Sensitive indie from perennial underachievers
No, not Backyard Dog, but Broken Dog; neither ‘bad’ nor ‘ruff’, but a rather more skinny, sad-eyed and lost breed.
Broken Dog’s Clive Painter and Martine Roberts are
a sensitive pair who’ve tenderly eked out a non-career at the smudged margins of London sadcore.
They used to prop up the only-fractionally-less-obscure Tram,
and ‘Brighter Now’, presumably a reference to Nick Drake’s seminal ‘Bryter Layter’, is their fourth, home-produced album of frail, hazy mood music.
Such a delicate undertaking
can only work by stealth. ‘The Sleepers Sleep’ wanders off in a pastoral direction, all chiming guitar and spangly atmospherics, Martine’s tremulous tones burbling what might be a fable. This slightness gracefully gives way to more tangled orchestration, as though the elderflower wine were finally kicking in. The excellent ‘How Can I Explain’ is a dreamy, fearful swoon, like My Bloody Valentine slumbering in a field of violets; after this, the album features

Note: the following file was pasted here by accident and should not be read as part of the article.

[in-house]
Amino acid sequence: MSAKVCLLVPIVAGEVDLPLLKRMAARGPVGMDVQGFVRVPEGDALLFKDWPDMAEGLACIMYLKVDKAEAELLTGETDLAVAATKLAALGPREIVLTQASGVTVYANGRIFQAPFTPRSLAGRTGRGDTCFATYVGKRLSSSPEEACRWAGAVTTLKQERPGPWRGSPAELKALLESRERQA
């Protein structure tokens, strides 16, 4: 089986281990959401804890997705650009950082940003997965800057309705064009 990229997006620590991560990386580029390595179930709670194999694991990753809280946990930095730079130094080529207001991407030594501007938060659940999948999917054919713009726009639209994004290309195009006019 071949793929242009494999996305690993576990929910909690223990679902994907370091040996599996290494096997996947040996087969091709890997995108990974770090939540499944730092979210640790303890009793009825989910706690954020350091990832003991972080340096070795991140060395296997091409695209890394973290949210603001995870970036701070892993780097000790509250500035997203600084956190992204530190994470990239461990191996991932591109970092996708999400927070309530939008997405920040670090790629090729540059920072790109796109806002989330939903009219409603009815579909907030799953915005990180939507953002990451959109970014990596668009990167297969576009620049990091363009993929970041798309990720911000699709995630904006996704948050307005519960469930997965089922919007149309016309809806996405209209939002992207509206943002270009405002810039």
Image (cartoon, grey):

petal-soft near-psychedelia, some sour times and even two tunes about drinking.
But for all the heady charm
and intense subtlety at work here, there’s a great deal of treacle
and torpor too. Broken Dog have one mood: melancholy, and one vision: blurred. Lying down, it’s an appealing combination. Upright, however, ‘Brighter Now’ looks a little one-dimensional.